The Palladium project is, in many ways, just what elected leaders at Los Angeles City Hall say they want.
Under the proposal, two 30-story residential towers would go up a block from a Hollywood Boulevard subway station. It would add 731 homes in the middle of a housing crunch. And the project would be constructed entirely on parking lots, ensuring that the developer won't need to demolish a single rent-controlled apartment.
Nevertheless, the push to approve the Palladium Residences has found a powerful foe in the project's next-door neighbor, the
Now, the foundation's bid to torpedo the project is becoming Round 1 in what's expected to be a bruising citywide debate over growth, development and the city's willingness to stick with the zoning that's on its books.
AIDS Healthcare Foundation, working with a collection of activists known as the Coalition to Preserve L.A., delivered a jolt to the city's business community last week, announcing that it has a proposed ballot measure to put new restrictions on "mega projects" — the kind that typically need changes to planning and zoning rules. The nonprofit group's top executive said the City Council too frequently rewrites those laws on a project-by-project basis at the request of favored developers.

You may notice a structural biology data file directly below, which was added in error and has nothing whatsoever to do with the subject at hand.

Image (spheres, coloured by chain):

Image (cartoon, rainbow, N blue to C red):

In its Palladium fight, the group has retained the law firm of Robert P. Silverstein, who succeeded in overturning the city's approval of a Target shopping center, the 22-story Sunset and Gordon apartment tower and other developments in Hollywood. The nonprofit also brought roughly three dozen supporters to last week's Planning Commission hearing on the Palladium project.
Jack Humphreville, a member of the newly formed ballot coalition, described the Palladium as an "out-of-context luxury development" that will generate huge traffic congestion. If the project is approved, "it's going to be the poster child for the ballot initiative," he said.
The nine-member commission, made up of appointees of Mayor
"We want to preserve our neighborhoods, but we have to figure out where we're going to put that density. And … in this particular location, it's wholly appropriate," Commissioner Robert Ahn said.
Commission President David Ambroz went further during last week's hearing, warning that development foes could bring L.A.'s "economic progress" to a halt.
"Some of the people's vision for Los Angeles and development frightens me," said Ambroz, who lives in Hollywood.
Critics say the city is rewriting its planning rules for the Palladium's developer, giving it lucrative increases in height and density. Foes also contend the apartment project —planned next to the Hollywood Palladium — will largely cater to Angelenos with six-figure incomes, doing little to address the city's housing needs.
Supporters of the Palladium describe the city's approval process as being entirely legal. They also say 5% of the project's housing units will have below-market rents.
The Palladium project has been caught up in the development battles that have roiled Hollywood for years. In 2012, the council approved a sweeping update of the Hollywood Community Plan, the rule book for new construction in that neighborhood, allowing taller and denser buildings near public transit stops.